I'm excited about this because of the long rising time. I work full-time, and have been looking for a way to bake my own bread without having to schedule my life around it. This looks like it may be an answer. I'm going to let it go 20 hours instead of 18, though, and I hope that works. Otherwise, I'll have to start it at midnight, to be able to work with it again at 6 the next evening when I get home. But I am very, very excited about this recipe and method.

Share this post


Link to post
Share on other sites

Wow, cool! Given the choice between using my cloche and my Le Creuset, I wonder which would be better. In the video he emphasizes that the pan should be "blazing hot" which sounds more like the Le Creuset, unless you heat the cloche in the oven?

Share this post


Link to post
Share on other sites
I have had fantastic results using an unglazed romertopf.

Hmmmm, I have one. Do you heat it up first as in the NY Times article or use it cold?


Just a simple southern lady lost out west...

"Leave Mother in the fridge in a covered jar between bakes. No need to feed her." Jackal10

Share this post


Link to post
Share on other sites

I have No Need to Knead and I like the method.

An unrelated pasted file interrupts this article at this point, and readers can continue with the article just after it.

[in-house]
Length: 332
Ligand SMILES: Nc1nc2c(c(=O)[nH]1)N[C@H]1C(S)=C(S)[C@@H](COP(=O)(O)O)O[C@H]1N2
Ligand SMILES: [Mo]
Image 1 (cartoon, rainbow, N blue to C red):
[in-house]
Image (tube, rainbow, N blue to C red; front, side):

I use a dough bowl or dough trough because it is just easier for me.

I also took a 2-day class on "Slack-Dough Breads" a few years back. I think my brain is deteriorating because I simply cannot recall the name of the baker. Somewhere I have the "manual" which was a computer printout.

We did one batch that was started the first day, refrigerated overnight in a plastic bag and baked the next day. It did develop a lot of flavor.


"There are, it has been said, two types of people in the world. There are those who say: this glass is half full. And then there are those who say: this glass is half empty. The world belongs, however, to those who can look at the glass and say: What's up with this glass? Excuse me? Excuse me? This is my glass? I don't think so. My glass was full! And it was a bigger glass!" Terry Pratchett